After the mediocre crossover of with Lumberjanes, this issue is a welcome return to form for this series. Writers Karl Kerschl, Becky Cloonan, and Brendan Fletcher have a clear vision for this series, which is explicitly clear in this issue. The tone of the issue carries all of the hallmarks -mysterious, lonely, grim, sad, wacky, fun – of the previous wonderful issues of this series and if this issue is any indication, they will continue strongly in the next.
Spencer, your thoughts on the return of Gotham Academy? It’s always a treat for me to look at the colors in this series and this issue is no exception. Do you agree? What are your thoughts on Amy? Just a bad egg or perhaps someone more insidious? And do you miss Maps yet?
Spencer: I didn’t really miss Maps, because, out of all the characters, I feel like she’s been front and center throughout the “Yearbook” storyline and Lumberjanes crossover. What I really missed, though — and what I’m overjoyed to see return in this issue — is Olive’s story. It was the glue that held the first year of Gotham Academy together. I like all these characters, but all these characters together, in the dark, oppressive architecture of Gotham Academy, crawling through secret passages and working to solve mysteries, is what initially made me fall in love with this series. I’m glad the creative team are returning to their roots.
You’re right to praise the colors, Taylor. Even without Karl Kerschl’s art (although I’m happy to see him join Brenden Fletcher and Becky Cloonan on the writing team — clearly he was making vital contributions all along), Gotham Academy Second Semester 1 is able to recapture the vibe of the original series almost solely through Msassyk, Chris Sotomayor, and Serge LaPointe’s colors — especially Msassyk’s painted backgrounds.
Said backgrounds have always been a primary source of the Academy’s gloom and moodiness, but they especially stand out against Archer’s slightly more cartoony art. Some of these backgrounds look downright photorealistic, making even a more familiar, comfortable space like Olive’s room feel unsettling.
It’s downright eerie at times!
As for Amy, well, she’s a brat who’s using her rebellion as an excuse to bully and persecute people — that’s not very punk, Amy. There’s something off-putting about the way Amy is introduced (or, not really introduced as much as thrown at Olive/the reader), and to be honest, there was a while where I wondered if Amy was even real. I mean, that’s clearly not true because she interacts with Eric, but before then, you could make a solid case that Amy was Olive’s Tyler Durden — she just shows up in her room even though there’s little faculty on campus and despite the fact that Olive’s already lined up a roommate for the year and the two wander around campus alone together, raising Hell.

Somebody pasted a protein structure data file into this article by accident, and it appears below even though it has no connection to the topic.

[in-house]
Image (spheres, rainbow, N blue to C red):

With that being the case, I think Taylor’s right on the money when he theorizes that Amy represents the temptation for Olive to give into her dark side; I just don’t know how strong that temptation actually is. Yeah, she throws a rock through MacPherson’s window when pressured, but when faced with a truly morally reprehensible action (Amy stealing Eric’s books and inhaler), without hesitation she chooses to spurn Amy and help Eric. Gotham Academy has always hinted that the Detective Club kids could end up becoming heroes or villains, but for Olive, that danger lies, not in her own choices, but in the possibility of Calamity taking over her life.
That’s a danger the creative team hints at this month, actually.
I cringed when Olive threw a rock through her favorite teacher’s window, but I never really worried about her morality; I knew she’d come around. This little scene, though, has me legitimately worried for her. I can’t tell whether Olive is tapping into Calamity’s powers consciously or not, but either way, it’s not a good sign. There may be a outcome where Olive can reconcile with Calamity or perhaps even excise it completely, but that’s not certainly not going to be an easy point to reach.
Despite Amy’s completely vanishing (we’re sure she’s real, right?) and her failing to corrupt Olive, I have to imagine that she’ll stick around Gotham Academy. With her obtaining Eric’s maps, it seems likely she’ll be interfering with the Detective Club’s investigations, and the way she looked at the photograph of Olive and her mother has me suspicious (but not certain) that she may know something about their lives as well. No matter how it happens, Amy is sure to be a rather big impediment for these kids in the issues to come.
For a complete list of what we’re reading, head on over to our Pull List page. Whenever possible, buy your comics from your local mom and pop comic bookstore. If you want to rock digital copies, head on over to DC’s website and download issues there. There’s no need to pirate, right?